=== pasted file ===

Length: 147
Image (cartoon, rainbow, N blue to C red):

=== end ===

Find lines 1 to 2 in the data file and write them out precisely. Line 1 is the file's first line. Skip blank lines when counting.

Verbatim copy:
Length: 147
Image (cartoon, rainbow, N blue to C red):